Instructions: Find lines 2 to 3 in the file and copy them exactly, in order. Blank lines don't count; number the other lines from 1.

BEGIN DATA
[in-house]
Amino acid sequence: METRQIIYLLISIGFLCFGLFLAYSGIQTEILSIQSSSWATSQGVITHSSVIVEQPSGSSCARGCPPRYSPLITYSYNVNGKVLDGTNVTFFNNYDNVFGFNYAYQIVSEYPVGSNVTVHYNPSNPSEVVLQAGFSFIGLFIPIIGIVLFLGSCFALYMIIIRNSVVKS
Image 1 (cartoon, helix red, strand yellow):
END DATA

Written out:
Amino acid sequence: METRQIIYLLISIGFLCFGLFLAYSGIQTEILSIQSSSWATSQGVITHSSVIVEQPSGSSCARGCPPRYSPLITYSYNVNGKVLDGTNVTFFNNYDNVFGFNYAYQIVSEYPVGSNVTVHYNPSNPSEVVLQAGFSFIGLFIPIIGIVLFLGSCFALYMIIIRNSVVKS
Image 1 (cartoon, helix red, strand yellow):